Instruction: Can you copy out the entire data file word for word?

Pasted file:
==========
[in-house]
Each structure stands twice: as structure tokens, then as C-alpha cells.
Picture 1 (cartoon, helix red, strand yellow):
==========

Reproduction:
[in-house]
Each structure stands twice: as structure tokens, then as C-alpha cells.
Picture 1 (cartoon, helix red, strand yellow):